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SciX Models and Datasets


The NASA Astrophysics Data System (ADS) has been developing Natural Language Processing tools and datasets to further enhance its data holdings and services. As part of this effort, we have been building and curating datasets to train deep learning models. These new tools, and more that will build upon them, will both provide a richer user experience and allow internal processes to be scaled-up. Further, we expect that these tools will be useful to researchers in a variety of fields. This post will describe our models and datasets for interested researchers. We are strong proponents of open science, and we endeavor to make our datasets publicly available and easy to access. This post contains links to our curated datasets and will be updated as more datasets are created. The models are licensed under an MIT license and the datasets are licensed under a CC-BY 4.0 license. Briefly, these licenses allow researchers to use, share, modify or build upon these works as long as appropriate attribution is given. If there are any questions about fair usage, contact us at ADS help.


To support broad community participation in these efforts, we have recently released the astroBERT astrophysics-specific language model. A language model is a statistical representation of the relationships among words, and even sub-word units called tokens, in a corpus of text. By creating a model that is astronomy specific, we can better account for the nuances of the language used in the astrophysical literature.

astroBERT is built using a proven deep learning architecture. Specifically it is an encoder based transformer model (these blogs discuss transformer models and their variations) that was trained on ~400k astrophysics articles (3.8 billion tokens). The training took about 50 days on dual Nvidia V100 GPUs. All technologies used to build the model are open source.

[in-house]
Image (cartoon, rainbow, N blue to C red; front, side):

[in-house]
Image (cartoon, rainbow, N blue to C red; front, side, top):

astroBERT was trained using Masked Language Model (MLM) and Next Sentence Prediction (NSP) tasks. For the MLM tasks, a word within a sentence is removed, and the model tries to predict what that word is. For example: The [MASK] medium is the gas and dust between stars. For the NSP task, two sentences are presented and the model tries to determine if the second sentence follows the first. Publicly available versions of astroBERT include:

  • Base astroBERT - version trained using MLM + NSP
  • NER-DEAL - fine-tuned version of astroBert for NER task
  • SciX Categorizer - fine-tuned version of astroBERT for classification task

Further technical details about astroBERT can be found in the following paper. The astroBERT page on Hugging Face includes documentation about how to access and utilize the model, as well as all publicly available versions.

Detecting Entities in the Astrophysical Literature (DEAL)

The Detecting Entities in the Astrophysical Literature (DEAL) dataset is a curated dataset for Named Entity Recognition. This task involves identifying predetermined entities in text, such as Organization or Location. The dataset consists of text fragments obtained from the astrophysical literature. The journals that the text fragments were obtained from are the Astrophysical Journal, Astronomy & Astrophysics, and the Monthly Notices of the Royal Astronomical Society. All text fragments are from recent publications, between the years of 2015 and 2021. Each text fragment is roughly a paragraph in length, and originates from one of two parts of an article. The first are fragments from the fulltext, consisting of all sections of the body of the article, excluding the abstract and acknowledgments sections. The second are fragments from the acknowledgments section of the article. Roughly 6000 text snippets were labeled, containing over 147,000 labeled entities. Figure 1 shows an example of a manually labeled text snippet.

Figure 1: Example of a manually labeled full text snippet.